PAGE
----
A new variant of the coronavirus with a "constellation" of mutations has been identified in Botswana. Tom Peacock, a virologist at Imperial College London, branded the mutations "really awful" on Twitter.
LONDON, Nov. 25 (Xinhua) -- More than 10 million coronavirus cases have been recorded in Britain since the start of the COVID-19 pandemic, according to official figures released Thursday.
The country reported another 47,240 coronavirus cases in the latest 24-hour period, bringing the total number of coronavirus cases in the country to 10,021,497.
Britain also recorded another 147 coronavirus-related deaths. The total number of coronavirus-related deaths in Britain now stands at 144,433. These figures only include the deaths of people who died within 28 days of their first positive test.
The latest data came as coronavirus cases surge across Europe, making the continent the epicentre of the pandemic again.
Meanwhile, a new variant of the coronavirus with a "constellation" of mutations has been identified in Botswana.
Designated as B.1.1.529, scientists are still unclear whether existing antibodies would react well to the variant, which has 32 spike protein mutations.
Tom Peacock, a virologist at Imperial College London, branded the mutations "really awful" on Twitter.
"Given the large number of mutations it has accumulated apparently in a single burst, it likely evolved during a chronic infection of an immunocompromised person, possibly in an untreated HIV/AIDS patient," said Francois Balloux, professor of computational systems biology and director of Genetics Institute at University College London.
"For the time being, it should be closely monitored and analysed, but there is no reason to get overly concerned, unless it starts going up in frequency in the near future," Balloux said.
Earlier this month, England's deputy chief medical officer, Jonathan Van-Tam, said the modelling is "getting more difficult to give us any clear sense of whether things will turn up or down."
"We're in for potentially some difficult months over the winter," he told reporters.
However, British Prime Minister Boris Johnson said earlier this week that there is "nothing in the data saying we need to move to Plan B" in Britain.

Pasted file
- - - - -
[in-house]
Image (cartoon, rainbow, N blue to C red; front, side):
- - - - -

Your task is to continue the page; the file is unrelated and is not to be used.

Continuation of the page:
"The best single thing you can all do is get your booster. When you are called forward to get it, please do so," Johnson said to reporters after his speech at the Confederation of British Industry (CBI) annual conference.
Plan B involves advice to work at home and requirements to wear masks in certain scenarios.
In a recent report, the National Audit Office (NAO) said that the coronavirus pandemic exposed Britain's vulnerability to whole-system emergencies and left the British government unprepared.
The government did not act on warnings from pandemic simulations carried out prior to COVID-19 based on an influenza outbreak, said the NAO.
Gareth Davies, head of the NAO said: "This pandemic has exposed the UK's vulnerability to whole-system emergencies, where the emergency is so broad that it engages all levels of government and society. Although government had plans for a flu pandemic, it was not prepared for a pandemic like COVID-19 and did not learn important lessons from the simulation exercises it carried out."
In its conclusions, the NAO called on the British government to strengthens its preparations for system-wide emergencies. It suggested the Cabinet Office establish who leads and manages system-wide risks, and strengthen oversight and assurance arrangements over preparations for system-wide emergencies.
Meanwhile, a research has found the NHS is facing the "most difficult winter in its history," with almost 90 percent of hospital trust leaders feeling "extremely concerned."
NHS Providers, which carried out the survey, said that while cases of COVID-19 are "well below" their peak in January, some trusts are "beyond full stretch."
It is urging the government to offer cash bonuses of about 500 pounds to stop social care staff leaving for jobs in "hospitality, supermarkets, or online firms such as Amazon."
More than 88 percent of people aged 12 and over in Britain have had their first dose of vaccine and more than 80 percent have received both doses, according to the latest figures. More than 28 percent have received booster jabs, or the third dose of a coronavirus vaccine.
To bring life back to normal, countries such as Britain, China, Germany, Russia and the United States have been racing against time to roll out coronavirus vaccines.